Training for the virtual London Marathon on 4th October? Then you need these tips | Women's Running

Training for the virtual London Marathon on 4th October? Then you need these tips

Read Time:   |  September 3, 2020

Garmin ambassador Dr Martin Yelling is on hand with all the tips you need for a successful virtual marathon

While the virtual London Marathon won’t have the same atmosphere as a big event (unless you’ve managed to rope in a few thousand spectators – and who knows? Maybe you have!), runners have still signed up in their droves to complete their own marathons in their own time on their own turf.

We spoke to Dr Martin Yelling – former international runner, elite duathlete and triathlete (as well as being, of course, Mr Liz Yelling) – on how to keep motivated, and what new things runners should set their sights on for this virtual race. Here are his absolute must-have tips for a successful race day on 4th October.

Martin’s three top tips

  1. Be comfortable with uncertainty – The last few months have been difficult, complex and uncertain for many and without doubt running will have been impacted in some way. For some lockdown, anxiety, furlough, family and work changes may have allowed a consistent and regular running routine to have developed, whilst for others running may have been disrupted, infrequent and challenging. It’s okay to not be completely where you want to be fitness wise. It’s okay not to have done all the miles you thought you might. It’s okay to do what you can, when you can and feel like you are physically and mentally able to cover 26.2 miles however you can, walk, jog, run or a mixture of all. Be comfortable with that approach and where you’re at.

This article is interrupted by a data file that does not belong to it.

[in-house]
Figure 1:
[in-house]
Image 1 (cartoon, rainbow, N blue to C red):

2. On your terms – The great thing about having a full 24 hours to cover the marathon distance is that you can approach tackling it on your terms, in your own way. This level of flexibility can take away unwanted stress and pressure. But it’s still important to plan your personal 26.2mile strategy. Think carefully about how you’d like to achieve your marathon finish and what you’ll set up to help you do this. Do you want to be optimistic and set yourself a personal goal finish time to help motivate your miles or do you want to me more relaxed in your approach and allow the miles to tick by. Do you want to run an out and back course, a long loop, or multiple laps? When do you want to start your run? Will you set up supporters, friends to join your for sections? Know your route, understand what motivates you and it’ll help you enjoy the process.
  3. Pacing is key – Despite increased flexibility and the ability to set your own aspirations it’s still a marathon and shouldn’t be underestimated! You’ll almost certainly enjoy the experience and your virtual London Marathon a lot more if you have a pace plan to ensure you’re in good shape to do the distance. Getting all excited in the first 10 miles will mean the final 10miles are more likely to feel tougher. Be disciplined in the first few miles, it should feel easy in those early miles. If it doesn’t, you’re working too hard so slow down. It helps to check in your pace by using a GPS running watch, like a Garmin Forerunner, to monitoring each mile as you tick it off. By setting your wearable to bleep each mile (or kilometre depending on your unit of measurement preference) you’ll see your time for the previous mile / km and be able to stay on pace right to target split markers, (eg 10k, halfway, 20miles) right to the end. Remember, to stop your watch when you’re done! You’ll also need to share your marathon activity and data after you’ve completed it (and bask in your glory of course!).

Written by

Holly Taylor

Holly Taylor

Currently training for her second half marathon

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